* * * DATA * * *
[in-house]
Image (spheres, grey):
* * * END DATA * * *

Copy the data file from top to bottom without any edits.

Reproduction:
[in-house]
Image (spheres, grey):